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John Ford Feature #10 – The Wings of Eagles (1957)

Wings_of_Eagles_1957The Wings of Eagles (1957)
Directed by: John Ford
Written by: Frank Fenton, William Wister Haines (based on the life & writings of Frank W. Wead)
Starring: John Wayne, Dan Dailey, Maureen O’Hara, Ward Bond, Ken Curtis, Edmund Lowe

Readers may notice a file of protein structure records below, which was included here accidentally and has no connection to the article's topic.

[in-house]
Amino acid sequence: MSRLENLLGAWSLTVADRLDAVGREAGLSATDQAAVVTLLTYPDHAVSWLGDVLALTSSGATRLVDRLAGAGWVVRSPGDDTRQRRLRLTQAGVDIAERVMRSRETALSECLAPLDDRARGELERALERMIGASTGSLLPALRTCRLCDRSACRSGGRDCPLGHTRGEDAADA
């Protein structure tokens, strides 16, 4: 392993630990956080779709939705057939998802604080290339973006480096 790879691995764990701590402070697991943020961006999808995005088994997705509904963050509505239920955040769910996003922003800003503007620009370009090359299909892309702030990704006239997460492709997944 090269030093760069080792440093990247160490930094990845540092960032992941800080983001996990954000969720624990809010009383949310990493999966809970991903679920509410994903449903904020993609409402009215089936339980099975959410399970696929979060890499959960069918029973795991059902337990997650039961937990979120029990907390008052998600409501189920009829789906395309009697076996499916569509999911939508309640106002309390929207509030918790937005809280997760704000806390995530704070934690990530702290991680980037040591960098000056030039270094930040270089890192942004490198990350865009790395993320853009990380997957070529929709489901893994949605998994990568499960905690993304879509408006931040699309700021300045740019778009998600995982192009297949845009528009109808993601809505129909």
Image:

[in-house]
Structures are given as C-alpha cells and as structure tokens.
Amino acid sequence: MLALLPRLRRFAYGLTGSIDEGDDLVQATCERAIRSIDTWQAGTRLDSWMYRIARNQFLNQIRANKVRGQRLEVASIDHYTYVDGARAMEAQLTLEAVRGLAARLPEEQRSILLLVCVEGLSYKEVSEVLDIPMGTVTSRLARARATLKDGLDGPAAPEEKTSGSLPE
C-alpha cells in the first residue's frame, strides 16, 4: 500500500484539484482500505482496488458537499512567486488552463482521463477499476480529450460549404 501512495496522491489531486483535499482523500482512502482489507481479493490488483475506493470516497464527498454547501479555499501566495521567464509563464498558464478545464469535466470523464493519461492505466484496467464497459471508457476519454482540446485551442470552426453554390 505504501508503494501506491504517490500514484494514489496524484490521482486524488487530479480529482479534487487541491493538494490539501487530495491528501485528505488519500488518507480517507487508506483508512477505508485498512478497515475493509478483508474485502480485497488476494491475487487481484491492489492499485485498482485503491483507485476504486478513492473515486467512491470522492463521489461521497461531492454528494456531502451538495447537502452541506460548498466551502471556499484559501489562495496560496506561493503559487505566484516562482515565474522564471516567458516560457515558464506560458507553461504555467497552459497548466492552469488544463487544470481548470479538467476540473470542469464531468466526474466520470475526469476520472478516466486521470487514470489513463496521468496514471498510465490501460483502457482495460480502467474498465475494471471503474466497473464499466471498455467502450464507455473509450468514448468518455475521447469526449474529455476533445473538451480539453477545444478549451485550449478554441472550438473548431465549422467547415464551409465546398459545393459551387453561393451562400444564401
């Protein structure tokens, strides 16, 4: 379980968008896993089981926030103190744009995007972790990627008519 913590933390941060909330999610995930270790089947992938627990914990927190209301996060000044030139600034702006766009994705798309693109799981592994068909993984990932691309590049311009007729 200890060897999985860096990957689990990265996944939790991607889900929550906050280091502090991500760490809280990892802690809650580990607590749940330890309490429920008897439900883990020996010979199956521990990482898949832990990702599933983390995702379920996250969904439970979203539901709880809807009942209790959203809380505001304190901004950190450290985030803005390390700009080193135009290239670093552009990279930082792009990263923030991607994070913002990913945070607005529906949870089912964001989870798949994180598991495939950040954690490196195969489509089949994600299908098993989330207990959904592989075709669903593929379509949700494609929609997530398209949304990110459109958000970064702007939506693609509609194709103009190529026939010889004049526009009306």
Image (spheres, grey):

It’s hard to believe that the same man who directed a tried and true masterpiece just one year earlier had anything to do with a picture like The Wings of Eagles.  Ford’s 1957 follow-up to The Searchers is unlike anything the great director ever put to film.  Instead of being reminiscent of his romanticized westerns, wartime films, or his period dramas, The Wings of Eagles more closely mirrors the so-called “Oscar-baity” biopics of today.  The film features many members of the John Ford Stock Company, and yet manages to feel nothing like any of his films I’ve seen to date.  It bears no resemblance in its style, music, cinematography, or even performances to the previous decade or so of his output, and just feels like an oddity in a career of never pandering to the masses.  The Wings of Eagles barely managed to make its budget back at the box office, and from everything I can tell received a very mixed reaction from critics and audiences alike.  Released the same year as massive hits (and later historically appreciated films) like Oscar-winning The Bridge on the River Kwai, Billy Wilder’s Witness for the Prosecution, Stanley Kubrick’s Paths of Glory, Frank Sinatra vehicle Pal Joey and more, The Wings of Eagle was completely ignored by the awards circuit and has been more or less lost to time.  Ford’s film stars John Wayne as Frank Wead, known better as “Spig” to those close to him.  Sharing the screen with Wayne are Maureen O’Hara as his wife Min, Dan Dailey as Jughead Carson, Ward Bond as John Dodge, and Ken Curtis as John Dale Price.